Two days after Peyton Manning publicly complained about the dour atmosphere at team headquarters following a 2-14 season and a rash of firings, Colts owner Jim Irsay introduced his new head coach and then stunned everyone by calling his franchise player a "politician" who had decided to air dirty laundry.
"I don't think it's in the best interest to paint the horseshoe in a negative light, I really don't," Irsay told reporters, referring to the team's longtime logo. "The horseshoe always comes first, and I think one thing he's always known, because he's been around it so long, is that, you know, you keep it in the family. If you've got a problem you talk to each other, it's not about campaigning or anything like that."
The comments suggest there is a rift between Manning and Irsay, who is just six weeks from a deadline to pay the four-time league MVP a $28 million bonus or risk losing him as a free agent. And it all blew up in public on a day the team desperately wanted attention focused on Chuck Pagano, the Ravens' defensive coordinator who takes over as head coach with a host of problems to address.
The biggest question mark is Manning, the face of the franchise and the primary reason for its run of success over the past decade. He is clearly upset with the fallout of the Colts' dismal season in which he never played a down after Sept. 8 neck surgery - his third such procedure in a span of 19 months.
Last week, actor Rob Lowe caused a media frenzy by writing on Twitter that Manning was about to retire. The story got so much attention that even Pagano, who was preparing for the Ravens' AFC championship game against New England, apparently took notice.
"You know, I've got a text or a call out to Rob Lowe and I haven't heard back yet, so I'm going to have to get back to you on that one," Pagano said when asked if he expected to be coaching Manning next season.
But the saga has taken an even more dramatic twist in the last 48 hours.
Manning told The Indianapolis Star that his only real conversation with Grigson, a first-time GM, had come in passing and that the vast overhaul at team headquarters had everyone "walking around on eggshells." He said it wasn't healthy for his healing, and then said that he had no idea where Irsay stood on the question of whether he was going to play again for the Colts.
Many analysts believe Manning's comments indicated that he was unhappy in Indianapolis and may be looking for a way out.
Whatever the explanation, Irsay didn't like it one bit.
"I have so much affection and appreciation for Peyton. I mean we're family. We always will be and we are," Irsay said. "He's a politician. I mean look at, when it comes to being competitive, let's just say on a scale of 1 to 10, 10 being the highest, we're both 11s, OK? So there's been plenty of eggshells scattered around this building by him with his competitive desire to win."
Manning quickly began on a quest to mend fences.
Within hours of Irsay's comments, Manning told The Star he didn't intend to start a public feud.
"At this point, Mr. Irsay and I owe it to each other and to the fans of the organization to handle this appropriately and professionally, and I think we will. I've already reached out to Mr. Irsay," Manning said. "I wasn't trying to paint the Colts in a bad light, but it's tough when so many people you've known for so long are suddenly leaving. I feel very close to a lot of these guys and we've done great things together. It's hard to watch an old friend clean out his office. That's all I was trying to say.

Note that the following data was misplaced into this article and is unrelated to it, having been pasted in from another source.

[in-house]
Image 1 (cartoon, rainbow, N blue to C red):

"I just want to keep rehabbing and working hard, and when the time is right for Mr. Irsay and I to sit down, I look forward to a healthy conversation about my future. I've worked too hard and have such great respect and have so many great relationships inside the building and out, and it's incredibly important that those remain."
The drama may be just beginning.
Now that Irsay has his people in place in the front office, Pagano can focus his attention on selecting a staff. Grigson said Pagano will make those choices.
Irsay's decisions will be much more difficult.
If so, Irsay must decide how much money he wants to invest in one position. Manning signed a five-year, $90 million contract in July and is due that bonus in March. The perennial Pro Bowler is said to be recovering well from his latest surgery, but he will also turn 36 on March 24 - a little more than two weeks after the March 8 deadline to pay that bonus.
Irsay reiterated Thursday that his choice will come down to Manning's health, not money.
"I think fans already understand that," Irsay said when asked whether Manning may have played his final game in Colts' blue. "This isn't an ankle, it isn't a shoulder. Often times the NFL is criticized for putting someone out there at risk, and I'm not going to doing that. I think he and I just need to see where his health is because this isn't about money or anything else. It's about his life and his long-term health."
Not surprisingly, Pagano wants as many of those guys back as he can get, including Manning.
"I just came from a great organization and just spent some time with one of the greatest leaders (Ray Lewis) to ever play this game," Pagano said. "And there's one of those leaders right here (Manning) and those are the types of individuals and people that you have to surround yourself with."
But it's Irsay who must make that decision, and it's obvious that the two haven't been talking much lately - something Irsay acknowledged will change between now and March 8.
"It's a very simple issue, it's a health issue," Irsay said.
"It's one of those things where just when you think it's going in the right direction, things change," he said, explaining later there was no indication Manning has had a setback over the last month. "It's been very hard on everyone around here, and it's been very hard on Peyton, too."